It's Dangerous to Go Alone: The History of 'The Legend of Zelda'

The gold standard: "Ocarina of Time"

In 1996, Nintendo released a new home gaming console, named the Nintendo 64, for its powerful 64-bit processor. Two years later came "The Legend of Zelda: Ocarina of Time," sometimes nicknamed "Zelda 64." More than 15 years later, many still think of this "Zelda" as one of the best — if not the best — video games of all time.

The first three-dimensional "Legend of Zelda" title, "Ocarina of Time" put players in the role of a young boy, again named Link, who was raised by a group of children deep in a forest. When Link leaves the forest, he meets a young girl named Zelda, who assigns him the mission of helping her to defeat Ganondorf, whom Zelda believes is planning to overthrow the kingdom. But Ganondorf tricks the children into helping him steal the Triforce, a magical object that gives him the power he needs to conquer the kingdom.

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In the process, Link is knocked unconscious. When he wakes, seven years have passed, Zelda is missing and Link has grown from a 10-year-old boy to a 17-year-old teenager. Players must travel between the idyllic Hyrule of Link's youth and the bleak Hyrule of his future to free the seven sages who can give him the power to defeat Ganondorf once and for all.

"Ocarina of Time" became the gold standard for the series, as well as for three-dimensional action-adventure games in general. Every subsequent "Zelda" title, from the direct sequel "Majora's Mask" to new adventures like "The Wind Waker" and "Twilight Princess," bore the mark of this game's influence.

To play this classic video game, you can buy the original Nintendo 64 cartridge version or the re-release for the Nintendo GameCube. In 2007, the game was also re-released on the Virtual Console. In 2011, the game was remastered for the Nintendo 3DS, with updated graphics and support for the handheld console's 3D screen.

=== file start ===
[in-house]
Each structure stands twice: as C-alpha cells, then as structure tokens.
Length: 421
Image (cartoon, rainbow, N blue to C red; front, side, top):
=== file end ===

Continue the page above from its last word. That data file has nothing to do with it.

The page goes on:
Email or follow her @JillScharr and Google+.  Follow us @TomsGuide, on Facebook and on Google+.

Jill Scharr is a creative writer and narrative designer in the videogame industry. She's currently Project Lead Writer at the games studio Harebrained Schemes, and has also worked at Bungie. Prior to that she worked as a Staff Writer for Tom's Guide, covering video games, online security, 3D printing and tech innovation among many subjects. 

  • Warsaw don't include little articles about Wind Waker, Twilight Princess or Skyward Sword? Though they are not as impactful as the others I still believe them to be worth at least a short article each.
  • spookyman
    Hmm a half finished article. Sounds like CNN reporting to me.
  • knowom
    The adventure of Link was actually my favorite Zelda game was a bit like Nintendo's version of a Konami Castlevania game or a bit like Metroid with a rpg theme as opposed to sci-fi.
  • tomate2
    Long live Nintendo 64!
  • Spanky Deluxe
    It feels like half the article is missing.
  • tobalaz
    A Link to the Past was my all time favorite Zelda.
    I've played LttP through so many times as a kid I've got every boss and item location still burned into my memory!
    Good times.
    Zelda never really felt the same again after that.